Music and the Culture Wars in the 1970s and 1980s U.S.


This paper examines how evangelical Christians viewed music as a potential means to enact social change as they were becoming a basis for the Religious Right during the decades that led up to the 1990s, when “culture wars” became prominent in the U.S. It focuses on the periodical, Christianity Today, initiated by the politically influential evangelical leader, Billy Graham, to assess the ways in which music was part of the culture wars. The writers for the Christian magazine demonstrated more inclusive attitudes toward rock music than the anti-rock Christian leaders of contemporary and earlier decades that have been documented and analyzed in previous research. Instead of denouncing rock music, the magazine writers utilized the popularity of the musical form to justify their beliefs and activities. At the same time, they also extended some of the ideas earlier critics put forward, such as valorizing classical music and focusing on the youth.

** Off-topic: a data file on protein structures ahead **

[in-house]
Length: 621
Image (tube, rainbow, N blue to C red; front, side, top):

Author Information
Mikiko Tachi, Chiba University, Japan

Paper Information
Conference: IICAH2024
Stream: History/Historiography

This paper is part of the IICAH2024 Conference Proceedings (View)
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To cite this article:
Tachi M. (2024) Music and the Culture Wars in the 1970s and 1980s U.S. ISSN: 2432-4604 – The IAFOR International Conference on Arts & Humanities – Hawaii 2024 Official Conference Proceedings
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Posted by James Alexander Gordon